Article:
Euro-Area Growth Eases Pressure on Draghi for Stimulus
Here is the opening for this welcome report from Bloomberg:
The euro-area economy expanded more than forecast in the final quarter of 2013, led by Germany and France, easing pressure on the European Central Bank to take action next month to counter low inflation and spur growth.
Gross domestic product in the euro zone rose 0.3 percent after a 0.1 percent increase in the third quarter, the European Union’s statistics office in Luxembourg said today. That beats the median forecast of 0.2 percent in a Bloomberg News survey of 41 economists. For the full year 2013, GDP fell 0.4 percent.
ECB President Mario Draghi on Feb. 6 put investors on a month’s notice for further economic stimulus, saying the Frankfurt-based central bank needed “to get more information” on the recovery before making any decision. “We are willing and we are ready to act,” Draghi said after the ECB held its benchmark interest rate at a record-low 0.25 percent.
Today’s GDP report “slightly eases some of the appreciable pressure on the ECB to take immediate further stimulative action,” said Howard Archer, chief European and U.K. economist at IHS Global Insight in London. “Nevertheless, we expect persistent very low euro-zone consumer price inflation, ongoing difficulties in building growth momentum and still-tight euro-zone credit conditions will prompt further action from the ECB.”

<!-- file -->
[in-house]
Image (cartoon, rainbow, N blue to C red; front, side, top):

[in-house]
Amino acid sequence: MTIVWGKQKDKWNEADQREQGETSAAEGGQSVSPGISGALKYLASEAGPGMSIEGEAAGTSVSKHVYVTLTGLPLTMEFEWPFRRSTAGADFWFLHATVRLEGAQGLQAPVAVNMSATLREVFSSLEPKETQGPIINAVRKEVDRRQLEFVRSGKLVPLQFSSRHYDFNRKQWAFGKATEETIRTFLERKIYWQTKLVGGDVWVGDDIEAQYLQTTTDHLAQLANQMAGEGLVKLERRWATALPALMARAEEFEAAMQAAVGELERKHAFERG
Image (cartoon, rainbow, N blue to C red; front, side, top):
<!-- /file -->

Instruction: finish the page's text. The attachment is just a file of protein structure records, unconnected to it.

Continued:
This is a modest gain but no small achievement given Euroland’s mostly self-inflicted problems, not to mention the bearish consensus. We are a clever species, albeit too often carelessly and wantonly destructive. Mario Draghi deserves most of the credit for this partial recovery. He will not always be running the ECB so hopefully national governance will improve as well.
What about Europe’s stock markets?
They remain competitively priced and are benefiting from an extremely positive monetary tailwind, which will certainly persist while Mario Draghi is allowed to continue with his policies. The Euro STOXX 50 and DJ Euro Banks Index remain on course for further recoveries. Clear breaks of the rising 200-day moving averages would be required to question this outlook.Back to top